Throughout the years, businesses analysis have continuously improved to survive any possible barrier that could hinder them to achieving greater heights. Technical analysis is considered as one tool to help people in the business world to choose the best path. Every decision leads to more than one outcome, either good or bad.
Making decisions can be challenging most specially for those large organizations. Rather than analysis in writing, you can use decision tree simple analysis to get a clearer picture of where your decisions may lead to.
Statistical Decision Tree
Free Tree Analysis
Financial Decision Tree
What Does it Mean?
Decision Tree Analysis is usually structured like a flow chart wherein nodes represents an action and branches are possible outcomes or results of that one course of action. The results may be a positive or negative outcome. Decision tree analysis is different with the fault tree analysis, clearly because they both have different focal points. A decision tree analysis is often represented with shapes for easy identification of which class they belong to. Although decision trees are most likely used for analyzing decisions, it can also be applied to risk analysis, cost analysis, probabilities, marketing strategies and other financial analysis.
How Important Am I?
Decision plays a huge part in the success of an organisation. Here are a couple of reasons why a decision tree analysis is important:
- SIMPLICITY. A decision tree analysis is easy to make and understand. Because of its simplicity, it is very useful during presentations or board meetings.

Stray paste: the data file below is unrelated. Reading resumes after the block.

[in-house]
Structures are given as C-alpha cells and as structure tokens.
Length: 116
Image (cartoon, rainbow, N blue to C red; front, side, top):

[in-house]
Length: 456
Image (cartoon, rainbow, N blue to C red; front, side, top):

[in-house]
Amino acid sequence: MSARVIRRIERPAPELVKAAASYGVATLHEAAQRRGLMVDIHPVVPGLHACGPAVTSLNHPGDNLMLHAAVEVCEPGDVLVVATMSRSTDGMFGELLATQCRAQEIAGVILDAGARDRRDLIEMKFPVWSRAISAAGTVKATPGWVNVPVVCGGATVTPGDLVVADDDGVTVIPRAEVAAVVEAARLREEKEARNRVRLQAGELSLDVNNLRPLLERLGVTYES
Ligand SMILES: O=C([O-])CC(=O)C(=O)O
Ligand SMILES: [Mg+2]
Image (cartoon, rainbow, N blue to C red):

- WISE DECISION MAKING. To make sure that your decision would be the best, using a decision tree analysis can help foresee the possible outcomes as well as the alternatives for that action.
Just like analysis examples in Excel, you can see more samples of decision tree analysis below.
Marketing Decision Tree
Probability Decision Tree
Solution Decision Tree Analysis
Steps to Take
There are steps to take in order to make an effective and reliable analysis. Here’s how you can do it:
- IDENTIFY PROBLEMS. Start with identifying problems using structured terms.
- DESIGN THE MODEL. A decision tree should follow a schematic flow for the process to be smooth and organized.
- APPLY PROBABILITY VALUES AND FINANCIAL DATA. Distinguish which of the branches and sub-branches have values and apply them accordingly.
- SOLVE THE PROBLEM. Once all the problems and possible outcomes have been laid out, look for the best solution.
- PERFORM A TASK ANALYSIS. Observe and analyze each action and its result.
- TRANSPARENCY. With a decision tree analysis, you can easily see everything in a single view which allows all possibilities and alternatives to be visible.
- EASY TO USE. Every decision tree is designed as how you want to present it. It is easily illustrated in a graphical manner to simply show all the alternatives and outcomes.
- TIME-CONSUMING. Unlike free analysis example, designing a decision tree takes more time for a large one with many branches.
- INSTABILITY. One change can affect the whole branch most often when problems occur at the very first step.
- LIMITATION. The analysis may be limited in probable values.